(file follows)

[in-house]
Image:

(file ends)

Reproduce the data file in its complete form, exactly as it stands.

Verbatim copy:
[in-house]
Image: